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Don’t call it a comeback: the FlamesNation 2023-24 Calgary Flames season preview

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Photo credit:© Sergei Belski-USA TODAY Sports
Ryan Pike
6 months ago
It’s been challenging to get a handle on what the Calgary Flames are over the past decade. Over their past 10 seasons, dating back to 2013-14, they’ve made the playoffs five times and missed them five times. They won the Pacific Division twice but failed to capitalize on the momentum those breakthrough seasons generated.
Coming off a tremendously disappointing 2022-23 season and featuring a lot of new faces – and dare we suggest, some new hope – it’s up to the Flames to set a foundation in 2023-24 for the years ahead and give fans some hope. After all, the key pieces of the current team will be around for awhile.
The Flames entered the 2021-22 season with a lot of optimism. Well-earned optimism. Sure, the Flames lost Johnny Gaudreau to free agency after he opted to play closer to home – but not too close. Sure, Matthew Tkachuk opted to take his talents elsewhere, but he and Brad Treliving orchestrated a trade with Florida that netted the Flames promising blueliner MacKenzie Weegar, puck-moving forward Jonathan Huberdeau, prospect Cole Schwindt and a first-round pick. The first-round pick was packaged with oft-injured forward Sean Monahan to Montreal, which opened up the cap space to sign power forward Nazem Kadri.
But a lot went wrong for the Flames that dashed the promise of 2022-23.
The long and the short of it was that the vibes weren’t great. The three big new pieces didn’t really click. Kadri got off to a good start, but he seemed to gradually get less effective over the course of the season as his short summer after a Stanley Cup – and the physical toll of that win – caught up with him. Huberdeau seemed a bit shell-shocked about the abrupt transition from Florida to Calgary, and required a deft touch to ease him into a new role. Instead, he got Darryl Sutter, who seemed completely unsure of how to handle his new prize forward and used him on his off-wing for nearly three months. Weegar gradually figured out the Flames’ system and his new city, and was excellent after the All-Star Break… but it took him until the All-Star Break.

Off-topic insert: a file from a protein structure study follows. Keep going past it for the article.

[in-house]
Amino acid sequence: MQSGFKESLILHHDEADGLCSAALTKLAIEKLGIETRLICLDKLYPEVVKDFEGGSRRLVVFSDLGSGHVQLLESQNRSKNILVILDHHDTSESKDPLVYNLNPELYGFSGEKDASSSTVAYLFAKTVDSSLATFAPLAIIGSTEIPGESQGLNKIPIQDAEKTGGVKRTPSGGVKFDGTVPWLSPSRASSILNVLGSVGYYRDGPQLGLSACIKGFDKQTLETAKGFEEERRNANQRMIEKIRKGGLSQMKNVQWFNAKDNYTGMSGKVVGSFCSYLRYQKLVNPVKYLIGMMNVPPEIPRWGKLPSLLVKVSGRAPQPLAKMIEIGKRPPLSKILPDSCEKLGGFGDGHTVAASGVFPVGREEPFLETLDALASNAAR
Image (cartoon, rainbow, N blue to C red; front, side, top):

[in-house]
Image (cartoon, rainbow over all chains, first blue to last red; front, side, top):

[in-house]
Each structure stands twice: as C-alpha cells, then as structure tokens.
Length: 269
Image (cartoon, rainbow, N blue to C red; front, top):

And after winning the Jack Adams Award the previous season as the league’s top coach, as voted by the broadcasters, Sutter was extra Suttery. He rolled four lines fairly evenly, nearly to a fault. Heck, he would use his fourth line late in close games. (The logic of keeping your key players fresh for the full season makes some sense, but at some point you also need to lean on your aces.) He would shake up his forward lines in-between games, sometimes even while the team was on a streak of good play. (And let’s not even get into the team’s woeful power play and overtime results.)
Young players were rarely integrated, even when on the roster, which became a reported point of contention between Sutter and general manager Brad Treliving. Both Matthew Phillips – whose call-up was announced via an odd “general manager Brad Treliving announces…” phrasing – and Jakob Pelletier spent two weeks on the roster before getting into the lineup. And then Sutter pretended to not remember Pelletier’s number after his NHL debut, leading to reported hand-wringing about Sutter’s conduct and the presence of Flames CEO John Bean at his next press conference.